Businesses are trying to ward off a massive tax increase on investments by pressing the case that dividends are not just the province of the rich, but a source of financial security for seniors.
Companies that issue dividends acknowledge that they have a challenge in persuading the public that dividends are important for every income bracket.
“This issue, while it is a high-level issue in our industry, it affects a lot of people,” said Brian Wolff, senior vice president of the Edison Electric Institute, which is spearheading a public campaign to lock in lower dividend tax rates. “The entire subject of our national ad campaign … is on seniors.”
Dividends are regular payments, often issued quarterly, that a company makes to shareholders. Companies say a hike on the tax rates paid for dividends would have a trickle-down effect.
Paul Farr, the chief financial officer for PPL Corp., said a higher dividend rate for some investors would drive down the value of stocks, hurting the millions of people who invest in the market each year.
“You’re going to negatively impact income for seniors, you’re going to negatively impact the portfolios of anyone that’s exposed to the stock market,” Farr warned. “That’s not going after billionaires; that’s going after everyone that has a portfolio.”
The Obama administration, as part of its tax-and-spending offer from last week, included a rate hike on dividends as part of $1.6 trillion in proposed new revenues. Thus far, Democrats have shown no signs of backing down from their demand that tax-rate increases be part of any fiscal-cliff deal.
In making their case against the rate hikes, companies that issue dividends — several of which made stops on Capitol Hill last week — note that taxpayers 65 and older made up roughly a third of the returns that included qualified dividends in 2009, according to a study by Ernst & Young commissioned by the Edison Electric Institute.
That analysis also found that around two-thirds of the returns with dividend income went to households making under $100,000 a year.
But figures from the IRS also suggest that households making more than six figures are more likely to rely on dividends. The IRS found that, according to 2009 returns, roughly 88 percent of households made under $100,000 a year.
Congressional Democrats have made clear that they have no interest in raising the tax burden on families making under $250,000 a year — no matter what their age or income stream.
Rep. Sandy Levin (Mich.), the top Democrat on the House Ways and Means Committee, noted that his party’s top priority was to lock in tax rates for the middle class, with House Democrats having recently filed a discharge petition on that front.
“We’ve looked at the impact of the rates. I just want to reiterate to those groups who are concerned — everybody needs to pitch in and resolve this,” Levin told The Hill. “And there’s only one way to resolve it, and that is to end the tax breaks for the very wealthy.”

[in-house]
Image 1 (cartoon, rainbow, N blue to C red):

President Obama’s most recent budget would allow the top tax rates for dividends to more than double, from the current 15 percent to the potential top marginal rate for income, 39.6 percent.
But a Senate Democratic measure over the summer pushed the top dividend rate only as far as 20 percent, the same level Democrats want for capital gains. (High-income taxpayers will also be subject to an extra 3.8 percent surcharge on dividends and capital gains starting in 2013, to help pay for the Democratic healthcare overhaul.)
Some analysts have said that they expect at least some increase in investment income rates to be part of an upcoming deal, and dividend-issuing companies say they have no choice but to acknowledge that the possibility is on the table.
So as they fight to keep rates as low as possible, industry members are also working hard to ensure that whatever rate is applied to dividends is the same as the tax rate on capital gains.
The taxes on dividends and capital gains reached parity in 2003. Dividend advocates warn that any discrepancy in the rates between the two would favor one type of investment over the other.
Farr, the CFO at PPL, said the paltry rates of return on a range of traditional financial products like CDs and savings accounts means that seniors or those closer to retirement are increasingly looking to dividend-paying stocks as a source of supplemental income.
“Really, the typical avenues that people look to for yield are gone, because we’re in such a low-interest-rate environment,” he said.
Republican tax-writers in both chambers say the companies are smart for engaging in that sort of messaging, and they have vowed to fight to keep capital gains and dividends from seeing a severe rate hike.
“People save all their lives and invest in companies that they hope that they can have regular income coming in,” said Sen. Orrin Hatch (Utah), the top Republican on the Finance Committee. “I’m a great believer that the capital gains rates ought to be low.”
“After Social Security itself, dividends are what seniors are counting on as the next source of income,” Rep. Kevin Brady (R-Texas) said.
But companies citing seniors’ use of dividends are doing so largely without the aid of the country’s most powerful seniors lobby, the AARP.
An AARP spokeswoman told The Hill in a statement that, with entitlement programs front-and-center in the deficit debate, the group is focusing its energy on Medicare and Social Security.
“AARP is fully focused on fighting for an open, thoughtful public discussion about how to strengthen these lifeline programs and against shortsighted changes that could harm all of us,” said the spokeswoman, Tiffany Lundquist.
Congressional liberals said the companies’ lobbying efforts amounted to little more than noise.
“You’re going to hear a whole lot from the CEOs of major corporations about how worried they are about low-income seniors, I have no doubt,” said Sen. Bernie Sanders (I-Vt.).